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 +The '''aretaic turn''' in moral philosophy is paralleled by analogous developments in other philosophical disciplines. One of these is [[epistemology]], where a distinctive [[virtue epistemology]] has been developed by [[Linda Trinkaus Zagzebski|Linda Zagzebski]] and others. In political theory, there has been discussion of "virtue politics", and in legal theory, there is a small but growing body of literature on [[virtue jurisprudence]]. The aretaic turn also exists in [[United States of America|American]] [[constitutional theory]], where proponents argue for an emphasis on virtue and vice of constitutional [[adjudicator]]s.
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 +Aretaic approaches to morality, epistemology, and jurisprudence have been the subject of intense debates. One criticism that is frequently made focuses on the problem of guidance; opponents, such as Robert Louden in his article "Some Vices of Virtue Ethics", question whether the idea of a virtuous moral actor, believer, or judge can provide the guidance necessary for action, belief formation, or the decision of legal disputes.
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==See also== ==See also==

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Virtue ethics (or aretaic ethicsfrom the Greek arete) emphasizes the role of one's character and the virtues that one's character embodies for determining or evaluating ethical behavior. Virtue ethics is one of the three major approaches to normative ethics, often contrasted to deontology which emphasizes duty to rules and consequentialism which derives rightness or wrongness from the outcome of the act itself.

The difference between these three approaches to morality tends to lie more in the ways in which moral dilemmas are approached, rather than in the moral conclusions reached. For example, a consequentialist may argue that lying is wrong because of the negative consequences produced by lying—though a consequentialist may allow that certain foreseeable consequences might make lying acceptable. A deontologist might argue that lying is always wrong, regardless of any potential "good" that might come from lying. A virtue ethicist, however, would focus less on lying in any particular instance and instead consider what a decision to tell a lie or not tell a lie said about one's character and moral behavior. As such, the morality of lying would be determined on a case-by-case basis, which would be based on factors such as personal benefit, group benefit, and intentions (as to whether they are benevolent or malevolent).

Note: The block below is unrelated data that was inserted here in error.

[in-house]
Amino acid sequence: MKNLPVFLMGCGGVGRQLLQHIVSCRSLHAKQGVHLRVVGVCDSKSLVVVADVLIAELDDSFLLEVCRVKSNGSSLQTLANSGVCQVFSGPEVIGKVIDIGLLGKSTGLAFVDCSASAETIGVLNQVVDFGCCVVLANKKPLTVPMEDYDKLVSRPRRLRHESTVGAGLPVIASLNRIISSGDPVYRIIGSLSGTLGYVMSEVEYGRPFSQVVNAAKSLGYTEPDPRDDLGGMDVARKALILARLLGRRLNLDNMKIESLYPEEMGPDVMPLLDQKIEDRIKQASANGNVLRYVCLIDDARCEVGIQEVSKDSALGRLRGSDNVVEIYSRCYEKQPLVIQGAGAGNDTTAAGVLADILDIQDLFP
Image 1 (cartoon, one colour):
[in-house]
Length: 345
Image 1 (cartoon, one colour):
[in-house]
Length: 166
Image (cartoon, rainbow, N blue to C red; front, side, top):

Contemporary 'aretaic turn'

Although some Enlightenment philosophers (e.g. Hume) continued to emphasize the virtues, with the ascendancy of utilitarianism and deontology, virtue theory moved to the margins of Western philosophy. The contemporary revival of virtue theory is frequently traced to the philosopher G. E. M. Anscombe's 1958 essay "Modern Moral Philosophy". Following this:

The aretaic turn in moral philosophy is paralleled by analogous developments in other philosophical disciplines. One of these is epistemology, where a distinctive virtue epistemology has been developed by Linda Zagzebski and others. In political theory, there has been discussion of "virtue politics", and in legal theory, there is a small but growing body of literature on virtue jurisprudence. The aretaic turn also exists in American constitutional theory, where proponents argue for an emphasis on virtue and vice of constitutional adjudicators.

Aretaic approaches to morality, epistemology, and jurisprudence have been the subject of intense debates. One criticism that is frequently made focuses on the problem of guidance; opponents, such as Robert Louden in his article "Some Vices of Virtue Ethics", question whether the idea of a virtuous moral actor, believer, or judge can provide the guidance necessary for action, belief formation, or the decision of legal disputes.


See also